Applying Psychological Science, Benefiting Society

Criminal and Juvenile Justice rss

Police tape saying "police line do not cross"

Why Evidence-Based Community Policing Needs to be the Norm, Not an Exception

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July 18, 2016

Longstanding tensions between police and communities of color have reached a boiling point in the United States. If we are to heal as nation, we must first acknowledge and move beyond entrenched societal stereotypes that reduce people of color, particularly black men, to suspected criminals who should be feared.

Racial Trauma is Real: The Impact of Police Shootings on African Americans

There have been many changes within the criminal justice system as a means to deter crime and to keep citizens safe. However, research demonstrates that often times men of color are treated harshly which leads to negative perceptions of police officers. The recent shootings in Baton Rouge, Falcon Heights, and Dallas have exposed many individuals and their families to incidents of police brutality that reminds us that as a society work needs to be done to improve police and community relations.

Diverse kids holding hands

How to Talk to Our Kids about the Tragic Shootings in Louisiana, Minnesota and Dallas

Families around the country are coming together to talk about the officer-involved shootings in Louisiana, Minnesota, and the ambush of police officers in Dallas, Texas. These events come shortly after the violence in Orlando. In fact, it seems that acts of violence are in the news on a regular basis. How do we begin to explain all of this to our children when we, as adults, are having our own difficulties with what is occurring?

Addressing Biased Policing Through Science-Based Training

This is part of our ongoing series of blog posts about race, racism and law enforcement in communities of color. By Lorie Fridell, PhD (Associate Professor of Criminology, University of South Florida) Do you claim to be color-blind?  Do you believe that you do not notice when a person is Caucasian, Black, Hispanic, or Asian?  Well then, you… Read More ›

Psychologists Address Police Interactions with Boys and Men of Color

Originally posted on 2015 APA Annual Convention:
Do you know that feeling when you hear something really meaningful? For me it often involves a pit in my stomach and the chills. It is not an entirely pleasant feeling, but it is a helpful reminder that something important is happening that I don’t want to miss. That’s…

“Death by Legal Intervention” by the Numbers

This is part of our ongoing series of blog posts about race, racism and law enforcement in communities of color. By Suzanne Lea, PhD (Fellow, Interactivity Foundation, and Adjunct Professor, University of Maryland, Baltimore County) News of a citizen being killed or assaulted by police, or a citizen who dies in police custody, seems to be nearly a… Read More ›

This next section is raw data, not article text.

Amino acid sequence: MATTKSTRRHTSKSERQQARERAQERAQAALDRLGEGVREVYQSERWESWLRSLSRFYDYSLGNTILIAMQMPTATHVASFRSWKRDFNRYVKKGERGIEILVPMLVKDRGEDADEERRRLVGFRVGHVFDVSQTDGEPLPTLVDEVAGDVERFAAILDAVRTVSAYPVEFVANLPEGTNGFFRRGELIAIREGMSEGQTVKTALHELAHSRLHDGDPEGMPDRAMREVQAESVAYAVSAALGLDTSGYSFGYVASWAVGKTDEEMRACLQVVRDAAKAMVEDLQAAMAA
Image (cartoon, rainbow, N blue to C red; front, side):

Justice for All… Experiences of Undocumented Youth with Law Enforcement

This is part of our ongoing series of blog posts about race, racism and law enforcement in communities of color. By J. Manuel Casas, PhD (Professor Emeritus of Psychology, University of California, Santa Barbara) If I were to ask you in this post-Ferguson era which groups are affected by racial injustice in law enforcement, would undocumented immigrants be… Read More ›

Young black women protesters

Black (Women’s?) Lives Matter: Microaggression and the Erasure of Violence Against Women of Color

This is part of our ongoing series of blog posts about race, racism and law enforcement in communities of color. By LisaLyn Jacobs, JD (Vice President for Government Relations, Legal Momentum) On a recent December Saturday, I hurried from the Metro train with my 6 year-old son trailing behind. We were joining friends and colleagues at the Justice… Read More ›

Cruel and (Un)usual Punishment: The Treatment of Transgender Prisoners

By Sabrina Cox, MA, LMSW Zahara Green is a 25-year-old transgender woman who was placed in an all-male prison in May 2012. According to Green, she was targeted by another inmate, Darryl Ricard, immediately upon entering general population at Rogers State Prison in Georgia. Ricard was serving a life sentence for aggravated child molestation, rape,… Read More ›

African American kids at the school gym

Our Invisible Youth: Addressing Disparities in the School-To-Prison Pipeline

This post continues our new blog series on poverty. As our nation reflects on its progress in fighting poverty over the last 50 years, this blog series will highlight how psychology can contribute further to this discussion. By Dawn X. Henderson, PhD (Assistant Professor, Winston-Salem State University) From Washington, DC and across the nation, numerous politicians, policymakers,… Read More ›

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